Community Associations

On March 30, 2020, the U.S. Court of Appeals Third Circuit issued an important decision in the case of Riccio v. Sentry Credit, Inc., approving oral communication as a method to dispute the validity of a debt. This decision overruled Graziano v. Harrison 950 F.2d 107 (3d Cir. 1991), a long-standing case requiring a writing to dispute a debt and will affect all consumer debt collectors including those collecting debt for community associations.

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If you watch or read the news lately, the coronavirus seems to be everywhere. And that’s the problem, right? With the uncertainty of what might be coming, community association boards and managers may want to take actions to help protect their residents and limit the spread of this virus. Rethinking close quarters gatherings – such as social events and meetings – may be prudent or even mandated to help residents keep the recommended “social distance.” This coronavirus may run its course soon, but another type of crisis could be around the corner. Boards and managers should have contingency plans in place for meetings so that they and the owners can continue to conduct business.

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When community association board members hire a transition attorney for their condominium or homeowners association, they may not know exactly what to look for. They may not know much about transition to begin with, or may not know the right questions to ask in order to find the right transition attorney. If your association is looking for a transition attorney, or you are reconsidering the one you have, the following may help you to identify the right transition attorney.

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Acting Governor Sheila Oliver has signed into law S1150, creating a flexible inspection schedule under the Department of Community Affairs (DCA) for multiple dwelling inspections under Title 40.

Historically, the DCA has required inspections at a minimum of once every five years. The length of time between inspections raised concerns over what additional violations could take place over the period before the next inspection, as well as the potential lack of action to address noted issues. To provide a solution, S1150 was introduced by sponsors Sen. M. Teresa Ruiz and Sen. Brian Stack.


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In January 2018, when new Public Recreational Bathing regulations were implemented in New Jersey, interest in the specially exempt status of community associations spiked. This interest was fueled by community association board members hoping to avoid substantial costs for additional lifeguard personnel and equipment mandated by the new regulations. As specially exempt public recreational bathing facilities, community associations may legally choose to operate their pools without lifeguards. However, this decision must be carefully considered and made only after consultation with the association’s legal counsel, insurance agent, and pool operator.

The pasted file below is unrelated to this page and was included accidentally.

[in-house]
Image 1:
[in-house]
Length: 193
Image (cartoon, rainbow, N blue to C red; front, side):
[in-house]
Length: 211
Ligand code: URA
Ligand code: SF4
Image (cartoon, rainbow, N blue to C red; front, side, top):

New Jersey Bathing Code

The Public Recreational Bathing Code is part of the New Jersey State Sanitary Code set forth at Chapter IX, N.J.A.C. 8:26, et seq. (“Bathing Code”). It may seem counterintuitive, but community association pools used by two or more dwelling units are considered “public recreational bathing facilities” for purposes of these regulations even though they are not open to use by the public. The Bathing Code was updated by the New Jersey Department of Health on January 16, 2018 and community associations felt the impact immediately. Among other requirements, the new regulations mandate that all lifeguarded pools have an automated external defibrillator, lifeguard platforms are required at some pools that previously did not require them, and many pools must employ more lifeguards than previously required, each with their own lifeguard platform. The cost of the additional personnel and equipment is anticipated to be quite high for many community associations and this has led their fiscally responsible trustees to look for options.


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Property managers are often tasked with leading a board or member meeting. These tips will help to keep the meeting on track and productive. Before doing anything else in preparation for the meeting — double check compliance with notice requirements. No notice = no meeting.

Prior Planning Prevents Poor Performance – “The Five ‘P’s”

Preparation is the key to a successful meeting. Determine what type of meeting will be held – that is, a board or member meeting. Create a clear and concise agenda. Remind the board that it is your role to keep the meeting on track. Organization helps to start things off right and keep the meeting on the right track.


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